Another question we ask is how can we make the most efficient use of the trees we take?
For this, we begin in the sawmill.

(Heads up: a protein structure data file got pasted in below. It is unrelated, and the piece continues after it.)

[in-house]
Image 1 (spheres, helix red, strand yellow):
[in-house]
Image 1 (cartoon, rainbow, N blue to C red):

When we approach the sawing of a log, we try to organize the cuts in a way that makes use of the whole log, right down to the pith. As each board comes off the blade, we marvel at the stunning colors and pronounced grain of wet wood and the small knots that were formed when the tree was just a sapling. The closer to the center of the tree the board came from, the more challenging the drying and subsequent working properties become. It's worth the extra care, however, for it is there that we find the most interesting wood. The roar of the mill, the pervasive smell of fresh damp wood and the seismic tremor of the blade plowing through wood produce sensations that are unique to the sawmill. We use sawmills that have the flexibility to saw a log into pieces that are dimensioned especially for the furniture we have in mind. This is known as green dimension sawing and, though it takes some organization on our part and good relations with the sawyer, it is efficient and eases drying of the special heartwood. Green dimensioning allows us to make parts with large cross-sections from single pieces of wood, not glued-up blanks.